Seattle drug company working on non-addictive, non-opioid painkiller
According to a recent report by the New York Times, drug overdoses are now the leading cause of death for Americans under the age of 50. The Times reports 19 percent more drug overdose deaths in 2016 than in 2015 and the numbers for 2017 continue to rise.
Many of these deaths are the result of opioid painkillers, which is why Seattle drug company Kineta is developing a non-opioid painkiller with no addictive qualities.
“It doesn’t have a generic name yet so we call it KCP-400,” Kineta’s CEO, Shawn Iadonato, explained. “It’s a non-opioid for the treatment of pain. It’s different than things like morphine, OxyContin, things like that. What’s real exciting about the drug is it’s very effective pain treatment but it also has anti-inflammatory and neuroprotective effects.”
Kineta’s vice president of Research and Development, Kristin Bedard, says there’s nothing quite like it on the market now.
“KCP-400 will be the first in this class of drugs,” she said. “It is very unique because not only is it analgesic, which means that it can relieve the pain, but it has these disease modifying effects. So it can really treat, not just the symptoms, but what’s causing the chronic pain.”
Iadonato says it can treat ailments such as lower back pain, diabetic peripheral neuropathy and chemotherapy induced neuropathies for cancer patients.
“Those are the types of pain that are longer term pain that are really harder to treat with opioids because opioids typically stop working after a while. People need to take more, they develop tolerance and it becomes riskier and riskier to the patient,” Iadonato said.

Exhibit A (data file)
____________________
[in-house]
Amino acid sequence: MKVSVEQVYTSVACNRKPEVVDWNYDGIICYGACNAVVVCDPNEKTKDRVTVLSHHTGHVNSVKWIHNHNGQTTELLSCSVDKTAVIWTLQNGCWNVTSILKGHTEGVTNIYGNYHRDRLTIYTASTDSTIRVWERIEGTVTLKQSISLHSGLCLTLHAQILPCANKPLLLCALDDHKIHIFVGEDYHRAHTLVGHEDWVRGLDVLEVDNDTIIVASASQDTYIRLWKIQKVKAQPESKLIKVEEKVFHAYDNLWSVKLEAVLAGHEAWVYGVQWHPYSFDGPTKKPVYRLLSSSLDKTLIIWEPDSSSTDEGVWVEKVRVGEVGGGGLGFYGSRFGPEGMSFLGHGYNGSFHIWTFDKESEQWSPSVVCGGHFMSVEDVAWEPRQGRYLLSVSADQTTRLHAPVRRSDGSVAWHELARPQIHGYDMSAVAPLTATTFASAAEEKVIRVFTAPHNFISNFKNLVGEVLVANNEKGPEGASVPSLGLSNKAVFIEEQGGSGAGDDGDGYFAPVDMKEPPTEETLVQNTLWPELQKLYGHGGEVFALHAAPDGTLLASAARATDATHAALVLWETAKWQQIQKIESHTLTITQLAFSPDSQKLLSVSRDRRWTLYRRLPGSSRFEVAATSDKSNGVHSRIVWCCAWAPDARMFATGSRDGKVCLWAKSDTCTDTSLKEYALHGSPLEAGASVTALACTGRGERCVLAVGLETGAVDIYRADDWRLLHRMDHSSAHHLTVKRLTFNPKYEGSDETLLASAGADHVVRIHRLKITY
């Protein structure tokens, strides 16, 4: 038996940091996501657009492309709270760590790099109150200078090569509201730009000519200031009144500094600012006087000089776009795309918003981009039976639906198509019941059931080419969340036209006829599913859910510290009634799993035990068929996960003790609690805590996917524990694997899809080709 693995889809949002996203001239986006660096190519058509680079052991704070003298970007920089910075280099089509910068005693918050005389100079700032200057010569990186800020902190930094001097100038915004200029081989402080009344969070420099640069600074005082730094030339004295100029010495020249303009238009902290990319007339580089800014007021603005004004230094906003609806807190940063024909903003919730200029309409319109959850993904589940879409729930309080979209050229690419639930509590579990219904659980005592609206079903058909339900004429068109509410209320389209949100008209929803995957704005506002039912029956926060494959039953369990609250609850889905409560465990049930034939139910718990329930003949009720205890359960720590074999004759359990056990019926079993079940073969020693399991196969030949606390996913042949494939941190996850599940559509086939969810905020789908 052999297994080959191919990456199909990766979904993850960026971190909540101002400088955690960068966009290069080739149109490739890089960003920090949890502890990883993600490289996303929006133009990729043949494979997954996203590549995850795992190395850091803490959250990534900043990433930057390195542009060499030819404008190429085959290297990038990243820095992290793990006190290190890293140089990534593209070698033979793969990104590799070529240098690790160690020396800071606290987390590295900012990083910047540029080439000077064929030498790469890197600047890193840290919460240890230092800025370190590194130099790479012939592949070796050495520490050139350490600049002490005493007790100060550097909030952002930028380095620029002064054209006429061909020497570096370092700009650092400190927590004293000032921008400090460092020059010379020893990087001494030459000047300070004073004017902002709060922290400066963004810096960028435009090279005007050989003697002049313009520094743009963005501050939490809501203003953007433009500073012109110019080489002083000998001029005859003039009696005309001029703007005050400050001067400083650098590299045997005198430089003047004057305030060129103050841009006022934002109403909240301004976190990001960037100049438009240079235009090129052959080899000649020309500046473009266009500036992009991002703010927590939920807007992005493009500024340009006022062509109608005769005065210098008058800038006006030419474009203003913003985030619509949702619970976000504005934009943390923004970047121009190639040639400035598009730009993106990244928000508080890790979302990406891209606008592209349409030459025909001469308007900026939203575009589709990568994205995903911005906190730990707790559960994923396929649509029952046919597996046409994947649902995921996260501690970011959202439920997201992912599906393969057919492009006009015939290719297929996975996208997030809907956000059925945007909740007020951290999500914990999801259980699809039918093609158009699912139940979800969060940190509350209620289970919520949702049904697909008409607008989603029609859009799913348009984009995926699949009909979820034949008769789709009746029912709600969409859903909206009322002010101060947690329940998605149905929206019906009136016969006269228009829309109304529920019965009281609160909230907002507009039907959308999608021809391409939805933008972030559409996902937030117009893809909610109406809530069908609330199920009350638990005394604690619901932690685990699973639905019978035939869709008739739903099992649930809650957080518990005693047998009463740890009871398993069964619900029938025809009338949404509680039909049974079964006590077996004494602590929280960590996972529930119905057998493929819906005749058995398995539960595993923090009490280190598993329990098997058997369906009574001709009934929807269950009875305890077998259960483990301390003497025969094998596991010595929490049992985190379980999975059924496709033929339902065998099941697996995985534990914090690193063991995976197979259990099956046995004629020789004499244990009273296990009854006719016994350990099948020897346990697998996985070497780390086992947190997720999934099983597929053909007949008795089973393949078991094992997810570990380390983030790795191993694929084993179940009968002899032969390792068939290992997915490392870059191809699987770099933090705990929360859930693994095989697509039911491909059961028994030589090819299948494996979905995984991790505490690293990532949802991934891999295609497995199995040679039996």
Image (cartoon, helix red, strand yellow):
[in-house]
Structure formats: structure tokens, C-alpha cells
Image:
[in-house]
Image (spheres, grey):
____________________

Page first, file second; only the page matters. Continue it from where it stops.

Bedard explains why KCP-400 does not have the addictive quality other opioid painkillers do.
“The drug targets the peripheral nervous system,” Bedard said. “So it targets where a patient has the occurrence of pain but it doesn’t go to the brain so you don’t have those issues with side effects, addiction, that type of thing.”
The drug originates from snails.
“It was originally identified in a cone snail that grows off the coast of the Caribbean,” Iadonato said. “Now it’s a fully synthetic product. Maybe half the drugs that we take come from natural products. Animal venoms are a really rich source of drugs. It’s a poison to the fish that the [snail] hunts. The snail has a little spear that it shoots at the fish and that paralyzes the fish and gives the snail time to eat it.”
To give you an idea of how many addictive opioid painkillers are out there:
“I think last year there were 260 million opioid prescriptions written so that’s essentially one prescription for every adult in the United States,” Iadonato said.
KCP-400 has been performing well on animals and next year it will go into human trials. It’s still about four or five years away from being approved to hit the market.